“A long time ago, an enslaved people heading toward freedom made up a song: “Keep Your Hand On The Plow! Hold On!” The plow plowed a new furrow across the field of history. Into that furrow the freedom seed was dropped. From that seed a tree grew, is growing, will ever grow. That tree is for everybody, for all America, for all the world. May its branches spread and shelter grow until all races and all peoples know its shade. KEEP YOUR HAND ON THE PLOW! HOLD ON!”

The Virtue of Not Being a Genius

I just read this great quote by Lionel Trilling, writing about George Orwell:

“If we ask what it is that he stands for, what he is the figure of, the answer is: the virtue of not being a genius, of fronting the world with nothing more than one’s simple, direct, undeceived intelligence, and a respect for the powers one does have, and the work one undertakes to do.”

Though Orwell was a Brit, of course, I feel that the “virtue of not being a genius” is one of America’s great virtues. Our nation’s best accomplishments have been achieved by extraordinary ordinary folks remembered much more for their open-hearted devotion and practical creativity than their mental majesty. The Ida B. Wellses and Benjamin Franklins; the Eleanor Roosevelts and Gifford Pinchots in our history weren’t once-in-a-century minds– they were just citizens who had a high estimation of their own significance and an open ear to the challenges calling them.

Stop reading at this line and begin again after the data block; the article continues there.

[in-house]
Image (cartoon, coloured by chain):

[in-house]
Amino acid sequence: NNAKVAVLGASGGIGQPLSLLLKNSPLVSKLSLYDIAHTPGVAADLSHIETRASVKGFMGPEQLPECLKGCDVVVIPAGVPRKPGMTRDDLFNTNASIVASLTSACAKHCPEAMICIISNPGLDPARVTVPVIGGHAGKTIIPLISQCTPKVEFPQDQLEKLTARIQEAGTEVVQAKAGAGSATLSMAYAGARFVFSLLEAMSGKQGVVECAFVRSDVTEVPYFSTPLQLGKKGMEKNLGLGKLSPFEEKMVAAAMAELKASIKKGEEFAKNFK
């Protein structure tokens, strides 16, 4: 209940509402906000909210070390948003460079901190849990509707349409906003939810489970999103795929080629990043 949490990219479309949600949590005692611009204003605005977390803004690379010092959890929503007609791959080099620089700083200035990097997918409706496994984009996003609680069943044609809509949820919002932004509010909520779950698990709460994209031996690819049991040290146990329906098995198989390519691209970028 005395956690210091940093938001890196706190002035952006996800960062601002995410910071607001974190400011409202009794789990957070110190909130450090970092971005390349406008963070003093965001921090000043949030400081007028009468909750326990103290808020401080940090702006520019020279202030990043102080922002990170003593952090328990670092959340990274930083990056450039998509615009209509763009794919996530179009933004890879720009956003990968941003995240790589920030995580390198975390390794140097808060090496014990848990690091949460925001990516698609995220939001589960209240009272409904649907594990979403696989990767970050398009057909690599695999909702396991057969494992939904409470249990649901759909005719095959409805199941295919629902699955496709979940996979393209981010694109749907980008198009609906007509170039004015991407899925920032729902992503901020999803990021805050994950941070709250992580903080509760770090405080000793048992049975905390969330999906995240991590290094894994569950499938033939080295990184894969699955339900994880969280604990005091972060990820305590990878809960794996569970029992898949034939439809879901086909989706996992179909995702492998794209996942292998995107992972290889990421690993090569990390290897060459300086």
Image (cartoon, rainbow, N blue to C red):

“He is not a genius,” Trilling wrote of Orwell. “What an encouragement!”

I hope the same for millennial America: that we can be ever better built of, by and for extraordinary ordinary citizens, so that our descendants may say “our ancestors accomplished so much and they were not geniuses… what an encouragement!”

Going to Work Everyday

To remind myself about the importance of work, I keep this clock on my desk with the batteries out so that it is always set to 9:20 PM.

Twenty years ago yesterday at 9:20 PM, at Oriole Park at Camden Yards, play stopped and the banner on the B&O Warehouse switched from 2130 to 2131, creating what is (along with the last out of Game 7 of the 2004 ALCS) the greatest moment in modern baseball history: the certification that CalIMG_6639 2 Ripken had broken Lou Gehrig’s consecutive games played record.
If football is about going to war, with generals from the sidelines commanding their troops to seize land from the other team, baseball is about going to work, with everyone honing their specialized craft, with the front offices crunching the numbers, and with the players needing to perform with consistency, day in and day out, for over a hundred and fifty days a year.

That’s why Cal’s record is the most important in all of American sports: it’s just about a guy who went to work everyday. And not only that: it’s about a guy who went to work everyday with unmatched dignity and commitment; it’s about a guy who went to work everyday at the same factory in which his brother had gone to work; it’s about a guy who went to work everyday because he learned from his father that that’s the honorable thing to do.

calripken2131 (1)And of course, the most important reason 2131 is America’s greatest sports record is because it’s not about Cal Ripken. It’s about the hundreds of millions of Americans who go to work every day in much harder jobs. Cal put it well himself: “[My fans] all had stories, they all had their own streaks, like working for a plant for 31 years and never missing a day. Whoa. Now that’s a streak. We should be celebrating those streaks. That’s work. I just played baseball.”